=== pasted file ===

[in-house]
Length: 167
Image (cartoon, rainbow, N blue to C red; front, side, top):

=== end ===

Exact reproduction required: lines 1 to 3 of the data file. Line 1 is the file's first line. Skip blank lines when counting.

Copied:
[in-house]
Length: 167
Image (cartoon, rainbow, N blue to C red; front, side, top):